6. Screen wash
Check your screen wash level in the tank under the bonnet (check your manual for its location), topping up if necessary with a quality screen wash additive or pre-mix, which you can pick up in most petrol stations.
Screen wash is important all year round. In winter snow and grit cause dirty windscreens, while in summer bugs and pollen can easily smear your view – so never put off checking your levels
Make sure you’re prepared for a breakdown and are kept safe at the roadside.
Aside from the vital FORCES checks and if you feel confident enough it’s also worth carrying out a few additional car maintenance checks on other parts of your vehicle to extend its life and avoid a breakdown.
7. Engine air filter
A faulty or clogged-up air filter could reduce your fuel efficiency and lead to reduced engine power, which is why mechanics recommend getting it replaced every 12 months or 12,000 miles, whichever comes first.
If you think your filter needs checking or replacing, simply locate the filter (usually in a black box under the bonnet) and remove it, making note of how it fits before you insert the replacement and fasten the box back shut.
Check your vehicle handbook for instructions.
8. Spark plug (petrol engines only)
More of a replacement than a check, but spark plugs are integral to the running of your engine – one or more faulty plugs will cause an engine misfire so it’s worth knowing how to replace them.
Generally, spark plugs need replacing every 30,000 miles or so and you’ll need the right tools if you want to replace them yourself. Also check your handbook or consult a dealer to check that a DIY replacement is possible.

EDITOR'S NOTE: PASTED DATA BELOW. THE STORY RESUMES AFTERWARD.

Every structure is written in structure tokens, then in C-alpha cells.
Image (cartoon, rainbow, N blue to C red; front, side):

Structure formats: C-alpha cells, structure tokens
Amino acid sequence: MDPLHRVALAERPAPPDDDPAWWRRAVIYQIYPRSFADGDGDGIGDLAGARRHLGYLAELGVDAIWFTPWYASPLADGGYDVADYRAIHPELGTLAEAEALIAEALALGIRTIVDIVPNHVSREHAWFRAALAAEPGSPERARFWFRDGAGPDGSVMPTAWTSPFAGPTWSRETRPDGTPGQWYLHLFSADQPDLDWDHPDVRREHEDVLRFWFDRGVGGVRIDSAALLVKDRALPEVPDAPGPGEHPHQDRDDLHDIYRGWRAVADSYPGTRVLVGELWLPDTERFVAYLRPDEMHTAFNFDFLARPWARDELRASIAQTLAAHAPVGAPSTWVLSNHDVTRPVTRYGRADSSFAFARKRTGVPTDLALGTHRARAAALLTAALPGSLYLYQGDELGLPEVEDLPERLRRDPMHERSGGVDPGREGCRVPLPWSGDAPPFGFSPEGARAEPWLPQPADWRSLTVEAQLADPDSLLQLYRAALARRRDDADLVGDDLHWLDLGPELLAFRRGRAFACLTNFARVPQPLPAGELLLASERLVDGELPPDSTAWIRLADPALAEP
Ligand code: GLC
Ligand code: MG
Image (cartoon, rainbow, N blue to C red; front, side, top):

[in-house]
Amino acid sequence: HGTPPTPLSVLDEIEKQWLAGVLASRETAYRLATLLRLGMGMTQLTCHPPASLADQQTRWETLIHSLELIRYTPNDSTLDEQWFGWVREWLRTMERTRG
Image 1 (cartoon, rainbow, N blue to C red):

It’s hard to underestimate the importance of properly-functioning brakes, so keeping them maintained is essential.
Start off by checking the brake fluid level and if low, top it up – check your vehicle handbook for the correct fluid specification Be careful as brake fluid is corrosive, and if you feel unsure then get a professional to take a look at it.
Brake fluid should be changed at certain mileage intervals – again, check your handbook for service details.
10. Air conditioning
Whether it’s 35 degrees outside or barely breaking freezing, it’s essential your aircon unit is fully functioning. However, apart from visual checks of the pipework, there is not a lot for you to check yourself.
Air conditioning system servicing should be carried out by a competent person with the correct equipment. A typical complaint is when the air conditioning does not feel cool enough on hot summer days, this may indicate that the system requires re-gassing – specialist equipment is required and so should be entrusted to an authorised service centre.
No-one wants their car to be known as a “skip-on-wheels”, so keep things clean with a regular interior clean, clearing out your footwells, wiping down your dashboard and keeping only the essentials in your boot.
It’s not just about being a neat freak, a clean interior also keeps you safe on the roads – you don’t want any discarded bottles dangerously rolling underneath your pedals.